What Is Bronchoscopy?
Bronchoscopy is a procedure a doctor uses to look inside the lungs. This is done with a bronchoscope, a thin, flexible tube with a light and a lens or small video camera on the end. The tube is put in through your nose or mouth, down your throat, into your trachea (windpipe), and into the airways (bronchi and bronchioles) of your lungs.
Why Do You Need A Bronchoscopy?
There are a few reasons you might need a bronchoscopy:
To find out why you are having lung problems – This test can be used to look for the causes of problems in the airways of the lungs (such as trouble breathing or coughing up blood).
You have a suspicious area that might be cancer – Bronchoscopy can be used to look at an abnormal area seen on an imaging test (such as a chest x-ray or CT scan).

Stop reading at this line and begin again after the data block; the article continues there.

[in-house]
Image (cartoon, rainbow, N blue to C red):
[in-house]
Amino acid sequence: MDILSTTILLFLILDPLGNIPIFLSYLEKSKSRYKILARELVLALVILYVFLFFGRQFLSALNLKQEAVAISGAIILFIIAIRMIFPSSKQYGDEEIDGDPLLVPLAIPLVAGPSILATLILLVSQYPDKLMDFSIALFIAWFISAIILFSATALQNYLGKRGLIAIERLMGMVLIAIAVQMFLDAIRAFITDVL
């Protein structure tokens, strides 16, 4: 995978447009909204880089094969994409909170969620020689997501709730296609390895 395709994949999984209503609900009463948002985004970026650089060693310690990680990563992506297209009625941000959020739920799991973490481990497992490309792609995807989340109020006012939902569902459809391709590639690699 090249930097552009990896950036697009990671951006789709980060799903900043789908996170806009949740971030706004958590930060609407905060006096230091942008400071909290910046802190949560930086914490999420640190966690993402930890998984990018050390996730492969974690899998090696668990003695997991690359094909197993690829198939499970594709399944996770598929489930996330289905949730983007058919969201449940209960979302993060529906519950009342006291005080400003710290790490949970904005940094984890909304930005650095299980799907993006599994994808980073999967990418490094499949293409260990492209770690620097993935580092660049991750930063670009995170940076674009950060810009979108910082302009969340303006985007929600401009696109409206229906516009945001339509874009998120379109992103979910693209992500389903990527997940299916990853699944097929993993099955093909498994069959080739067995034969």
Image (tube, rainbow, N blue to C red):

Any abnormal areas in the airways that are seen with the bronchoscope can be biopsied to find out if they are cancer. This is done by passing long, thin instruments down the bronchoscope, such as small forceps (tweezers), hollow needles, or brushes to collect the samples. The doctor can also sample cells from the lining of the airways by passing sterile saltwater down the bronchoscope to rinse the airways, and then suctioning up the fluid. (This is known as a bronchial washing.) The biopsy samples are then looked at in the lab.
To look at lymph nodes near your lungs – A bronchoscopy can be done as part of endobronchial ultrasound (EBUS) to look at the lymph nodes and other structures in the area between the lungs. If suspicious areas such as enlarged lymph nodes are seen, a hollow needle can be passed through the bronchoscope and guided into these areas to obtain a biopsy. This is known as transbronchial needle aspiration or TBNA.
To treat certain lung problems – Bronchoscopy can be used to treat blocked airways or some other types of problems in the lung. For example, a small laser or electrocautery put on the end of a bronchoscope can be used to burn away part of a tumour that is blocking an airway. Or a bronchoscope can be used to place a rigid tube called a stent into an airway to help keep it open.